This scam will probably sound familiar to you: A person — usually elderly — gets a phone call announcing a grandchild is in jail or was in an accident or is in some other kind of pickle. The kid needs cash fast.
That’s old news. I’ve written about this a lot.
But here’s a frightening new twist on this standard swindle that you ought to know about. So pay attention, especially if you are a concerned relative, a bank teller or, especially, a New York City doorman.
Under the time-honored scenario, a crook commands his target to go to the nearest electronics outlet or department store and buy gift cards, usually for around $10,000. Then, he has the victim read off the serial numbers on the card over the phone.
No muss, no fuss, no danger.
The new variation is far more frightening: The crook, or his agent, comes to a person’s house or apartment building to collect the ransom in cash.
That’s what happened to a woman I’ll call Cecilia, an 88-year-old who lives on the Upper East Side with her daughter and family. I’m changing some details so the people can’t be recognized or unduly harassed.
Cecilia’s daughter told me the story in phone conversations and emails. “My mother received a call from someone impersonating my son, saying he was in an accident and in jail,” she says.
So far, standard.
“This person got on the phone saying he was a lawyer and she needed to give cash to get her grandson out of jail,” she continued.
He wanted cash. No gift cards for this crook.
Cecilia went to the Bank of America branch on East 86th Street and Lexington Avenue and withdrew $9,500. She was told by the crook that someone would come for the money.
That’s the new variation. In the past, victims would be out money — but at least they weren’t in any physical danger.
“They came to our building,” the daughter says, “and the doorman told her she had a visitor who didn’t want to go upstairs. She came downstairs and gave the man the money.”
The doorman later told the daughter that Cecilia was upset and “in a daze. He tried to help, but my mother said she was OK.”
Cecilia was acting strange at the bank as well and the workers at Bank of America offered her a glass of water to calm her down.
The family did get a notification of a large withdrawal from the account — but it was too late to stop the transaction.
“My husband handles my mom’s finances and got a withdrawal alert and called me to ask why Mom took out a lot of money,” said the daughter. “I had called her and she kept saying, ‘I will tell you when I get home.’ So I rushed home. If I got there five minutes earlier, I could have stopped it.”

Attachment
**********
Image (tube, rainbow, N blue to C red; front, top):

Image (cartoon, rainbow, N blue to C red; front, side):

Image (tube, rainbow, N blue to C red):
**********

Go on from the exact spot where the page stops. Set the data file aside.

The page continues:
Or gotten hurt in a physical altercation with the person picking up the cash.
Police believe the call from the scammer came from Canada. They are pretty sure that someone else picks up the money. “They are always third parties picking it up,” said a detective working the case.
The whole thing was caught on street cameras, and police have a warrant out for the suspect.
Alarmingly, Cecilia isn’t the only one who is being scammed in this way.
“We have cases like this throughout the city. It’s not unusual anymore,” the detective said, adding that the police are working with the Manhattan District Attorney’s Office to solve the crime.
According to the daughter, the person who picked up the money “was clean cut. No facial hairs or body tattoos” that could be seen.
The police told the daughter that sometimes the people picking up the money “don’t know what they were hired to do.”
I contacted Bank of America when I heard about this incident a few weeks ago, but I didn’t get a response.
Nor did Cecilia’s family hear from the bank, according to the daughter.
In case you think this is an instance of a feeble-minded individual being outsmarted, the daughter has this to say: “My mom’s very savvy. She hangs up on telemarketers.”
But now Cecilia doesn’t even answer the phone.
If you’ve been taken by a scam like this, call the cops. And if you haven’t — yet — maybe this will make you a little more careful and suspicious of phone calls like the one Cecilia got. Just ignore the stranger’s plea and hang up.
Here’s something to remember in 2020 that you might have forgotten: The stock market doesn’t always go up, like it did last year.
Think about the swoon that happened after December 2018, when the Federal Reserve started to raise interest rates for the first time in a decade.
And think about what will happen if the next decade is one in which high inflation is the prevailing theme and interest rates need to go much higher.
Since this column is such a downer, let me finish by saying Happy New Year and good health to you in 2020!
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Author: New York Post
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